Chinese spy balloon stunt appears outside Parliament

Big Brother Watch Team / February 23, 2023

A swarm of spoof Chinese spy balloons have appeared opposite Parliament with a message to “ban Chinese CCTV”.

The stunt, by privacy group Big Brother Watch, draws attention to the “widespread, intrusive and panoptic use of surveillance cameras in the UK made by Chinese state-owned companies” and calls on the Government to ban the sale and operation of the companies’ tech.

The spy balloon-themed demonstration, also attended by campaign groups Stop Uyghur Genocide and Free Tibet and Liberal Democrat MP Alistair Carmichael, comes as Parliament is debating procurement laws. A cross-party coalition of parliamentarians amended the Procurement Bill to require a timeline for removing surveillance tech made by companies linked to crimes against humanity, such as Hikvision and other Chinese state-owned firms, from the Government’s procurement supply chain. However, in a move that angered human rights campaigners, the Government overturned the amendment to the Bill and has made no commitment to impose a US-style ban on the controversial tech.

Surveillance products made by Chinese state-owned companies Hikvision and Dahua have been used to facilitate serious human rights abuses in the Uyghur region (“Xinjiang”), Tibet and Hong Kong. Some of the CCTV cameras boast features such as “Uyghur alerts” and “ethnicity recognition” widely thought to be used in the CCP’s ethnic persecution of minorities.

The cameras have also caused serious national security concerns, given their links to the Chinese state and their history of security flaws. Last year, the Cabinet Office recommended that Government departments remove surveillance equipment made by “companies subject to the National Intelligence Law of the People’s Republic of China” due to “security risks”. Both the Scottish and Welsh governments have committed to removing the cameras from their buildings.1 However, the Government have so far resisted calls from MPs and rights groups for a full UK-wide ban on Chinese CCTV companies such as Hikvision and Dahua, whose cameras are being used by over 60% of public bodies in the UK.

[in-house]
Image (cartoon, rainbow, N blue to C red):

Retailers including Co-op, Marks & Spencer and Tesco are also coming under fire for use Hikvision cameras. This week, campaigners from Big Brother Watch, Free Tibet, Hong Kong Watch and Stop Uyghur Genocide wrote to the retail bosses calling on them to drop Chinese state-owned companies’ surveillance tech from their stores.

Last week, the Biometrics and Surveillance Camera Commissioner said “There has been a lot in the news in recent days about how concerned we should be about Chinese spy balloons 60,000ft up in the sky. I do not understand why we are not at least as concerned about the Chinese cameras 6ft above our head in the street and elsewhere.”2

67 parliamentarians have signed Big Brother Watch’s pledge3 calling for “a ban on the sale and operation of Hikvision and Dahua surveillance equipment in the UK”, condemning their involvement in “technology-enabled human rights abuses in China”, and calling on the Government to “commission an independent national review of the scale, capabilities, ethics and rights impact of modern CCTV in the UK.” The pledge followed the NGO’s publication of a report last year exposing the “dominance” of Chinese state-owned companies’ surveillance tech across the UK, whose cameras are used by 73% of local authorities, over 3 out of 5 schools, colleges and NHS Trusts, and a third of police forces. 4

Silkie Carlo, Director of Big Brother Watch said:

“Whilst Chinese spy balloons have rightly caused international alarm, the British government is guilty of inaction against the widespread, intrusive and panoptic use of surveillance cameras in the UK made by Chinese state-owned companies.

“This digital asbestos raises serious security and privacy risks for millions of people in Britain, with the majority of public authorities’ CCTV cameras made by Chinese state-owned firms.

“By spending millions on Chinese-made tech to build a surveillance state at home, the UK government is indirectly supporting China’s crimes against humanity and ethnic persecution overseas.

“Complacency on this issue jeopardises human rights at home and abroad. CCP-owned surveillance companies like Hikvision and Dahua must be banned from the UK, as they are in the US, and the Government should commission an independent review into the impact of modern CCTV in Britain.”